- Beat the egg whites, cream of tartar and salt until peaks begin to form.
- Sprinkle in the remaining 2 tbsp of sugar and continue beating on high until the egg mixture reaches stiff peaks. (Note that sugar makes egg whites less sturdy, so you may only reach medium peaks. It’s not terribly important, so don’t fret if they’re not stiff.)
- Fold in the cake flour mixture, vanilla extract, and almond extract, taking care to mix very gently so as not to deflate the mixture.
- Line a cupcake tin with small parchment paper circles or cupcake liners. Divide batter evenly between 6-8 cupcake tins (depending on how high you want your “cake layers” to be). Alternatively, you can bake the batter in 3 or 4 4-ounce porcelain ramekins.
- If using a cupcake tin, bake for 8-10 minutes, or until golden brown and a toothpick inserted comes out clean. If using ramekins, bake for slightly longer, about 15 minutes (or golden brown).
- Remove from oven and cool completely. No need to invert, as they are so small they likely won’t fall much anyway.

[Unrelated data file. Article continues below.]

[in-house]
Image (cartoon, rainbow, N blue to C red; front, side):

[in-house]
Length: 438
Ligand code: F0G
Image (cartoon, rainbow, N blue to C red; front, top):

- Finally, for the whipped creme fraiche: Simply beat the creme fraiche until it forms soft peaks. It’s already fairly stiff in texture, so you’re really just making it a bit more fluffy, and it will not go much stiffer than soft peaks, so you don’t need to go overboard with the whipping. Be careful to stop and test to make sure it doesn’t become grainy. I added a tablespoon or two of confectioners’ sugar, but I didn’t think it was really necessary — the creme fraiche is plenty sweet on its own.
- To assemble: Slice the fresh strawberries, now sweetened, into thin slices. Run a sharp knife around the edges of the tin to loosen the cakes (or, if you’ve used liners, just remove the liners). My layers were shallow enough that I simply stacked them as they were — if yours are taller, you may try slicing them in half. Alternate cake layers with layers of strawberry compote, fresh strawberries, and creme fraiche, then top with more of each. Or just dump it in a bowl and enjoy. The cake tastes even better when the creme fraiche and all the juices have soaked into it.
Note that you may have leftover creme fraiche and strawberry compote. You can either just double the batch of angel food cake, or use them for other things — the creme fraiche makes a wonderful dip for fruit, and the compote is great on pancakes, toast, English muffins, or anything else you can think of.